This recall involves all Coravin 1000 Wine Access Systems. The system uses a hollow needle to penetrate a wine bottle cork and allow wine to be dispensed without removing the cork. The system is about nine inches tall and has a silver-colored, metallic tubular body with a detachable black plastic capsule cup attached to the bottom and trigger on the top. A black metal handle is attached at the top of the tube and a black metal, moveable bottle clamp is attached to the front side of the tube. A long, metallic needle protrudes from the underside of the handle. The Coravin name and logo appear on the front side of the tube. The system comes with a silver-colored storage base and two argon gas capsules.
Consumers should immediately stop using the recalled wine access system and contact Coravin for a free repair kit that includes a neoprene wine bottle sleeve to contain broken glass when a bottle breaks and updated instructions and warnings. The wine access system should not be used on wine bottles with damages or flaws.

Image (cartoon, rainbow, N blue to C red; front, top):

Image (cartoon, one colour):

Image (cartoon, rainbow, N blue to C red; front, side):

Coravin has received 13 reports of bottles breaking, including one in which a bottle burst into four pieces and resulted in an injury involving two chipped teeth and a laceration that required stitches, four in which the bottles cracked and leaked, and eight in which bottles broke into two pieces.
Coravin.com and other online retailers and at wine shops from July 2013 to June 2014 for about $300.
Coravin Inc., of Burlington, Mass.
The U.S. Consumer Product Safety Commission is charged with protecting the public from unreasonable risks of injury or death associated with the use of thousands of types of consumer products under the agency’s jurisdiction. Deaths, injuries, and property damage from consumer product incidents cost the nation more than $1 trillion annually. CPSC is committed to protecting consumers and families from products that pose a fire, electrical, chemical or mechanical hazard. CPSC's work to help ensure the safety of consumer products - such as toys, cribs, power tools, cigarette lighters and household chemicals -– contributed to a decline in the rate of deaths and injuries associated with consumer products over the past 40 years.
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